qrcode.net example c# Part IV: About the Future in Visual C#.NET

Draw QR Code in Visual C#.NET Part IV: About the Future

Part IV: About the Future
QR Code 2d Barcode Generation In C#.NET
Using Barcode encoder for Visual Studio .NET Control to generate, create Denso QR Bar Code image in .NET framework applications.
www.OnBarcode.com
Scan QR Code In Visual C#.NET
Using Barcode decoder for .NET Control to read, scan read, scan image in VS .NET applications.
www.OnBarcode.com
List
Bar Code Generator In C#
Using Barcode maker for VS .NET Control to generate, create barcode image in Visual Studio .NET applications.
www.OnBarcode.com
Reading Bar Code In C#.NET
Using Barcode decoder for .NET Control to read, scan read, scan image in .NET framework applications.
www.OnBarcode.com
15: Solving Tomorrow's Problems Today 16: Building the Future
QR Code JIS X 0510 Generation In .NET Framework
Using Barcode generation for ASP.NET Control to generate, create QR image in ASP.NET applications.
www.OnBarcode.com
Making QR Code In .NET Framework
Using Barcode encoder for Visual Studio .NET Control to generate, create QR Code ISO/IEC18004 image in .NET framework applications.
www.OnBarcode.com
15: Solving Tomorrow's Problems Today
Drawing Denso QR Bar Code In VB.NET
Using Barcode maker for Visual Studio .NET Control to generate, create QR image in VS .NET applications.
www.OnBarcode.com
Create Data Matrix In C#.NET
Using Barcode drawer for .NET Control to generate, create Data Matrix ECC200 image in .NET framework applications.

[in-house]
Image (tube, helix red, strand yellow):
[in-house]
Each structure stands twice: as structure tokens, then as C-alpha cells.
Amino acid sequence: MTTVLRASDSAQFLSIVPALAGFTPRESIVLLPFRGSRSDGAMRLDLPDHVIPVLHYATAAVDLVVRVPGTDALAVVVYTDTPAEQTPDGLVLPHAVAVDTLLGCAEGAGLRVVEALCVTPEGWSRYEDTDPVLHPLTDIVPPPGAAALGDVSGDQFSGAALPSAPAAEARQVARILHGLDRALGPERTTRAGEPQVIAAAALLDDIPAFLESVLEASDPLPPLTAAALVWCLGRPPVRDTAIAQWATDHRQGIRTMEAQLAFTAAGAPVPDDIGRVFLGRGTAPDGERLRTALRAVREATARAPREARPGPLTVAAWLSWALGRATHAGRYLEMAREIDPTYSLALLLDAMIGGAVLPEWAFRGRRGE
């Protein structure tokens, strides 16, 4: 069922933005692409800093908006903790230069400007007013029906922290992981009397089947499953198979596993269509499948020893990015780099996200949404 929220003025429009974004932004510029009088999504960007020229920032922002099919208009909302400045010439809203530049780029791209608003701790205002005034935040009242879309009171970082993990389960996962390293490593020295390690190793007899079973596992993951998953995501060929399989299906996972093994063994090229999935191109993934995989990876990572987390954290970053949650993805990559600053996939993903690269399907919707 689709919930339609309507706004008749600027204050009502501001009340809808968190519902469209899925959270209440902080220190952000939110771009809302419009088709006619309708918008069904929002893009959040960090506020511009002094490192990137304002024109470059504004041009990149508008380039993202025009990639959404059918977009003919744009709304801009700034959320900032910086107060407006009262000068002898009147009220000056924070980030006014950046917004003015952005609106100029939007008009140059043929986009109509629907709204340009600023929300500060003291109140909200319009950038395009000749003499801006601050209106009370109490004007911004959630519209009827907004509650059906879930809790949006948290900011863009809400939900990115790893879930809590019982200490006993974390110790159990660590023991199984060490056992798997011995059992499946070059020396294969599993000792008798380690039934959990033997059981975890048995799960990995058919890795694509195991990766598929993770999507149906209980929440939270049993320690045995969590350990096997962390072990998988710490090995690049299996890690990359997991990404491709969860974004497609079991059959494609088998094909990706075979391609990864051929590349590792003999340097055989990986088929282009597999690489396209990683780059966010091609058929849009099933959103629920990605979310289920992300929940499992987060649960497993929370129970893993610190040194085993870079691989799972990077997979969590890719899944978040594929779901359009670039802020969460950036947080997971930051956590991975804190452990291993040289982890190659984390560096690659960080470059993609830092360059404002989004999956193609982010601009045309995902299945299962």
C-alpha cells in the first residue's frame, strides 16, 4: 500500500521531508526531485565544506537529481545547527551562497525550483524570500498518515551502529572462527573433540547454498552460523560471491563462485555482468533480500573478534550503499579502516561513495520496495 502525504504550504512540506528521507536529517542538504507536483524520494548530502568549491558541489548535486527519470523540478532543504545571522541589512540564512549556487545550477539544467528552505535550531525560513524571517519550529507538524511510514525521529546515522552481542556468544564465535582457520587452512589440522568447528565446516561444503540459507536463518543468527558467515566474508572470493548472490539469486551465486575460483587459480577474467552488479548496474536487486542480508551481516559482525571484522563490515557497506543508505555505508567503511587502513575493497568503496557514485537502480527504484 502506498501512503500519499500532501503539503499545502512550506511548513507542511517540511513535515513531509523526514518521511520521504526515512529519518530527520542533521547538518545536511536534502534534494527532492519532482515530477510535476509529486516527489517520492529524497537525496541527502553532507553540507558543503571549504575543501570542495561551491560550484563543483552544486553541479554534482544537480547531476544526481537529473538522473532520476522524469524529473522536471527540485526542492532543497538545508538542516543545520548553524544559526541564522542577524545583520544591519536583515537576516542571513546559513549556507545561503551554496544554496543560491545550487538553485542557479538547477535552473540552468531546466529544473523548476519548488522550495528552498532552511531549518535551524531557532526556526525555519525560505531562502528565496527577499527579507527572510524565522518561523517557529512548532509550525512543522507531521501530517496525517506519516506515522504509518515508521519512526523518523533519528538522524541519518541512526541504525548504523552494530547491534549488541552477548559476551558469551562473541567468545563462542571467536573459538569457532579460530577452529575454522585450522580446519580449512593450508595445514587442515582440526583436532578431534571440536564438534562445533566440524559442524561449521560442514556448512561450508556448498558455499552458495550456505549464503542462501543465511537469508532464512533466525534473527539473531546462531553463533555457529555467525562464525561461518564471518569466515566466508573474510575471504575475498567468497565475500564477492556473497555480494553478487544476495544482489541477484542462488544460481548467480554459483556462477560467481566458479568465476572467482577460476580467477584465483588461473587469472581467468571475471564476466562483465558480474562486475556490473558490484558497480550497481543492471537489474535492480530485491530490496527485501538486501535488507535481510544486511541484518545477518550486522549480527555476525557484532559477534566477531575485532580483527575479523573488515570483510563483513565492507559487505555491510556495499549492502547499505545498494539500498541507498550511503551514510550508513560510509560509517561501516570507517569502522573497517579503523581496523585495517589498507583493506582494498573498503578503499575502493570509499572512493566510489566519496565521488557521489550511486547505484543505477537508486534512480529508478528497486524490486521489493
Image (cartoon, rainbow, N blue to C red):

www.OnBarcode.com
Alan Page
Code 128 Code Set C Maker In Visual C#
Using Barcode encoder for .NET Control to generate, create Code128 image in VS .NET applications.
www.OnBarcode.com
Code 39 Extended Maker In Visual C#
Using Barcode creator for Visual Studio .NET Control to generate, create Code 39 Full ASCII image in .NET framework applications.
www.OnBarcode.com
Overview
Linear Drawer In C#
Using Barcode encoder for Visual Studio .NET Control to generate, create Linear image in VS .NET applications.
www.OnBarcode.com
MSI Plessey Creation In C#.NET
Using Barcode maker for Visual Studio .NET Control to generate, create MSI Plessey image in .NET applications.
www.OnBarcode.com
Software testing is a growing field that will continue to mature for many years. Many of the innovations and new approaches in test have been reactions to the problems test teams have run into. The creation of software testing jobs occurred after programmers discovered that they couldn't find all of their own bugs. Implementation of many test automation solutions occurred after management discovered that testing would require either more testers or a more efficient method of conducting some segments of testing. It seems that there is always another obstacle to overcome in software testing. For the most part, testers wait until the problem is big enough so that a solution for the problem is imperative. For the art, craft, and science of testing to continue to advance and expand, we need to be able to anticipate some of these problems before their burden becomes overwhelming. This chapter covers some of the testing problems that Microsoft is currently facing and the direction we are taking in solving those problems.
Encoding Denso QR Bar Code In None
Using Barcode generation for Software Control to generate, create Denso QR Bar Code image in Software applications.
www.OnBarcode.com
Decoding QR Code 2d Barcode In None
Using Barcode recognizer for Software Control to read, scan read, scan image in Software applications.
www.OnBarcode.com
Automatic Failure Analysis
EAN / UCC - 13 Creation In Java
Using Barcode drawer for Java Control to generate, create GS1-128 image in Java applications.
www.OnBarcode.com
Painting UPC A In Java
Using Barcode generator for Android Control to generate, create UPC Code image in Android applications.
www.OnBarcode.com